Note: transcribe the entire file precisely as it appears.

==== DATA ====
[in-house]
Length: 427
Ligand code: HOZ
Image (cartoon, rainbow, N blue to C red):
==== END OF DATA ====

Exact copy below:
[in-house]
Length: 427
Ligand code: HOZ
Image (cartoon, rainbow, N blue to C red):